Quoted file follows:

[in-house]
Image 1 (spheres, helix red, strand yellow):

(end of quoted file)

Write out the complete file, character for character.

[in-house]
Image 1 (spheres, helix red, strand yellow):